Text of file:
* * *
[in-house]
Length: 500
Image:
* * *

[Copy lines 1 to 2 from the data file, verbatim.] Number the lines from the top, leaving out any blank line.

[in-house]
Length: 500